You know that moment mid-fight when you feel the smoke coming out of your ears and you are ready to just throw down? You love your partner, but at this particular moment – anything goes. Then… they beat you to it. They verbally gut-punch you where it hurts with the one thing that makes you curl your fists and push your nails into your hands. Time Out. Yeah, we’ve all been there. How you fight with your partner can define your relationship and while arguments are inevitable from time to time, honor and respect shouldn’t fly out the window. My advice would be to avoid these words for a healthy relationship, even in the heat of the moment.
Avoid These Words For a Healthy Relationship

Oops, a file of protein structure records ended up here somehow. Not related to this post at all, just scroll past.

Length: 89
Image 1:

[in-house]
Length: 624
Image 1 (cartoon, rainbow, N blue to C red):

On any given day, an average human experiences over 21 different emotions. You can be energized, distraught, panicked, or defensive. The likelihood that your partner encounters you in only the best of moods is pretty much zero to none. When we are upset, we naturally use phrases that are engrained in our vocabulary, but some of these can be detrimental. A conversation is designed to bring you closer together and you may be using words that will tear you apart. Here are some of the worst offenders:
In a solid relationship, it’s less about feeling the same things as your partner and more about empathy. Most of the time your partner just wants to be heard and have their feelings validated. Telling a woman that she is being “unreasonable” or worse, “crazy” are fighting words. Whether or not you agree with them, feelings are valid if the person is impacted. We have the tendency to reach for extreme terms and invalidate the feelings of their partners when they don’t see eye to eye, so be careful.